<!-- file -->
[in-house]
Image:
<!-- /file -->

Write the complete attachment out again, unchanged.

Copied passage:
[in-house]
Image: